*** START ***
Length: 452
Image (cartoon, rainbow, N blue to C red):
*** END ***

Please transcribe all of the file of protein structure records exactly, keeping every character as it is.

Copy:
Length: 452
Image (cartoon, rainbow, N blue to C red):